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Never, ever give up!

  • Published
  • By Col. David Almand
  • 375th Air Mobility Wing commander
In an unprecedented turn of events, Cardinals baseball fans watched their team climb back from a 6-0 score to earn a "miracle win" over the Washington Nationals during regular season play to earn back-to-back trips to the National League Championship Series.

Loyal fans watched as their beloved team slowly climbed their way onto the scoreboard to put the gap to a 7-5 deficit. Yet in the top of the ninth, the Nationals had walked two men already when second baseman Daniel Descalso drove a two-out, two-run single, tying the score. The game came down to the the last nail biting strike, when shortstop Pete Kozma smacked the ball and earned another two-run single which clinched the win for the Cardinals.

By now, no one should be surprised by their unrelenting nature and their ability to stay calm and focused on their end goal. These world champions know what it takes to win--and they've proven it through the years in some very dramatic ways. And while it may seem like a cliché, the ability to never, ever give up is not only the mark of a true champion, but also the warriors who wear the uniform of the America's armed forces.

This ability to never give up has changed the course of human history, as well as individual lives. Take for instance, the famous speech given by Winston Churchill in 1941 when he visited a school after Britain staved off a German invasion. What he stated then is just as true now and applies to the foes we face: "But for everyone . . . from this period of 10 months, this is the lesson: Never give in. Never give in. Never, never, never, never--in nothing, great or small, large or petty-never give in, except to convictions of honor and good sense. Never yield to force. Never yield to the apparently overwhelming might of the enemy."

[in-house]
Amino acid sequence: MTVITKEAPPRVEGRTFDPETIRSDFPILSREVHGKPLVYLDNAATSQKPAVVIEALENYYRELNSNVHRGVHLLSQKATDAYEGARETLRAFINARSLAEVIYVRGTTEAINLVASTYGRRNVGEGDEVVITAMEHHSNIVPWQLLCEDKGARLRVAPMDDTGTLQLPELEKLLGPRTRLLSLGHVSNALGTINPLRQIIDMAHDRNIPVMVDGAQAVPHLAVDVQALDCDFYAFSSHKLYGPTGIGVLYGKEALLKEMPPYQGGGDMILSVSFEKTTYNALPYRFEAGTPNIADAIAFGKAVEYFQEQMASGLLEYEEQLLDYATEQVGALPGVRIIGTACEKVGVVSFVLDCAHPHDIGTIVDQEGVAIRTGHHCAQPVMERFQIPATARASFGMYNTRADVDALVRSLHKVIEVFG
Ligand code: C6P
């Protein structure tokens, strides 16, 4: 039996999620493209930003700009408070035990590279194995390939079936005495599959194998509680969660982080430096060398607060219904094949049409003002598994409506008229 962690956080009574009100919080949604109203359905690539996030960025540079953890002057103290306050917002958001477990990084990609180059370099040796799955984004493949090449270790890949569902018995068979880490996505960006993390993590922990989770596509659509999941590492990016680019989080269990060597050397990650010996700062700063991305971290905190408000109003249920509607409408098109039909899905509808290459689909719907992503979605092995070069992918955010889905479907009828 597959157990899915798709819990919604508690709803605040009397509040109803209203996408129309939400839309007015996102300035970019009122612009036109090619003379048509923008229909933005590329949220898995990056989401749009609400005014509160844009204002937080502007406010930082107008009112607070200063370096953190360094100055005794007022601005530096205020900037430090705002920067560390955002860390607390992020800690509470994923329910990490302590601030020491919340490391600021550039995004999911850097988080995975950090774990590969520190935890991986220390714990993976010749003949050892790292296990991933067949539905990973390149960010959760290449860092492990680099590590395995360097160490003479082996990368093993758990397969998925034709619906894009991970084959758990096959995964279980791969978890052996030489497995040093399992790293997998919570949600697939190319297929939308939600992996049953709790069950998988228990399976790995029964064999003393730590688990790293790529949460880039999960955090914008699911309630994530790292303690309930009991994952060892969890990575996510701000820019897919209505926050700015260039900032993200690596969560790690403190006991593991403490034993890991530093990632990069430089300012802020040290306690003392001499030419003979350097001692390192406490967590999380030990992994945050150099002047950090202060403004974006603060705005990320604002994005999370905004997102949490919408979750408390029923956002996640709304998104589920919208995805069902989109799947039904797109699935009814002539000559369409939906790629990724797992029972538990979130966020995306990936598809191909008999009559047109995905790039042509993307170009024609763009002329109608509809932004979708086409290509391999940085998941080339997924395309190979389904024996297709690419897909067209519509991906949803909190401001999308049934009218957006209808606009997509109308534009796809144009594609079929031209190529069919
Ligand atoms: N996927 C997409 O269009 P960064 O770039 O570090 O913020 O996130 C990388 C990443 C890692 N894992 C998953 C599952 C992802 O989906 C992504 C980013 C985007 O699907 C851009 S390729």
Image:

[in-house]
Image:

Notice he mentions to keep our good sense about us, but in all matters we should stand by our convictions. What he did for his country was to instill hope and optimism concerning the outcome of the war. Our Airman leaders of today work to do the very same thing--instill hope and optimism for our troops and our families as they serve honorably and faithfully to discharge the duties of their offices.

Recently, I asked our senior leaders to read about a man who by his actions and will to survive has inspired millions of people today. His story also takes place during World War II when in 1943, the B-24 he flew in crashed into the Pacific Ocean--killing eight of the 11 men aboard. Louis Zamperini spent the next 47 days adrift at sea with little food and only rain water to survive. After fending off sharks and surviving several Japanese strafing runs, they were captured by the Japanese Navy near the Marshall Islands.

This former Olympic miler's frame wasted beyond recognition, but he incredibly endured two more years in one of the most brutal POW camps run by the Japanese--tortured specifically by a prison guard he named "the bird" who was also on Gen. Douglas MacArthur's list of 40 most wanted war criminals in Japan. Those back home thought he had been killed at sea because he was not listed as a POW. Once home, he suffered from severe post traumatic stress disorder, but learned to adjust to life post-war with the help of his wife, Cynthnia, and his faith which was bolstered by the assistance of Billy Graham.

His wasn't just one moment where he had to overcome an obstacle with hope and optimism ... it was a lifetime of choices, but his common theme was to never, ever give up. His story is one so vividly retold in the book "Unbroken" thanks to a brilliant author, Laura Hillenbrand, who took seven years to write his story. Countless hours of research and interviews ... and struggles with her own health issues as she suffers from Chronic Fatigue Syndrome ... were weaved into this rich account of someone who shows us how to never, ever give up.

There are many other sources of inspiration but the point is that we have the ability to literally change our world, the people around us, and ourselves ... if we remember to never, ever give up!